Feeds

Microsoft dropped Vista hardware spec to raise Intel profits

'Gotta sell those chipsets'

Providing a secure and efficient Helpdesk

You know this stuff goes on. But you're still gobsmacked when the proof turns up.

According to an email sent last February by Microsoft general manager John Kalkman, the software giant lowered Windows Vista's minimum hardware requirements to ridiculous levels only because Intel needed to sell more graphics chipsets.

The email was just one of many released in response to a federal class action suit that accuses Microsoft of misleading the world with those "Windows Vista Capable" logos it slapped on new PCs in the run-up to the operating system's debut. The logos appeared on system more than nine month before the OS was unveiled.

Judging from these emails - unsealed by the court this week and spewed to the digerati by Todd Bishop of Seattle Post-Intelligencer - the case has a pretty good chance.

"In the end, we lowered the requirement to help Intel make their quarterly earnings so they could continue to sell motherboards with the 915 graphics embedded," John Kalkman wrote to Scott Di Valerio, who oversaw Microsoft's dealings with PC partners.

Intel told The Wall Street Journal that the bit about its earning was not true, arguing that Kalkman "is not qualified in any shape or form to have knowledge about Intel's internal financial forecasts related to chipsets, motherboards or any other product".

Meanwhile, Microsoft informed the paper that it included the Intel 915 chipset in the Windows Vista Capable program "based on successful testing of beta versions of Windows Vista on the chip set and the broad availability of the chip set in the market." And it said the unsealed emails showed how its execs "were trying to make the marketing program better for Microsoft partners and consumers".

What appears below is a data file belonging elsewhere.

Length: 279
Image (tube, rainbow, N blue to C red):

You could argue, however, that Kalkman's email is far from the best of the lot. In another message, a Microsoft board member tells Steve Ballmer he's decided against "upgrading" one of his machines to Vista. "I cannot understand with a product this long in creation why there is such a shortage of drivers," he says. ®

Beginner's guide to SSL certificates

More from The Register

next story
Scrapping the Human Rights Act: What about privacy and freedom of expression?
Justice minister's attack to destroy ability to challenge state
WHY did Sunday Mirror stoop to slurping selfies for smut sting?
Tabloid splashes, MP resigns - but there's a BIG copyright issue here
Google hits back at 'Dear Rupert' over search dominance claims
Choc Factory sniffs: 'We're not pirate-lovers - also, you publish The Sun'
EU to accuse Ireland of giving Apple an overly peachy tax deal – report
Probe expected to say single-digit rate was unlawful
Inequality increasing? BOLLOCKS! You heard me: 'Screw the 1%'
There's morality and then there's economics ...
Hey Brit taxpayers. You just spent £4m on Central London ‘innovation playground’
Catapult me a Mojito, I feel an Digital Innovation coming on
While you queued for an iPhone 6, Apple's Cook sold shares worth $35m
Right before the stock took a 3.8% dive amid bent and broken mobe drama
EU probes Google’s Android omerta again: Talk now, or else
Spill those Android secrets, or we’ll fine you
prev story

Whitepapers

Forging a new future with identity relationship management
Learn about ForgeRock's next generation IRM platform and how it is designed to empower CEOS's and enterprises to engage with consumers.
Storage capacity and performance optimization at Mizuno USA
Mizuno USA turn to Tegile storage technology to solve both their SAN and backup issues.
The next step in data security
With recent increased privacy concerns and computers becoming more powerful, the chance of hackers being able to crack smaller-sized RSA keys increases.
Security for virtualized datacentres
Legacy security solutions are inefficient due to the architectural differences between physical and virtual environments.
A strategic approach to identity relationship management
ForgeRock commissioned Forrester to evaluate companies’ IAM practices and requirements when it comes to customer-facing scenarios versus employee-facing ones.